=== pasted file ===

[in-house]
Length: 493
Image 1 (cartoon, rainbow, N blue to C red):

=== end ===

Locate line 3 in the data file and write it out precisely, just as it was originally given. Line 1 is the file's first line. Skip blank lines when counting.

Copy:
Image 1 (cartoon, rainbow, N blue to C red):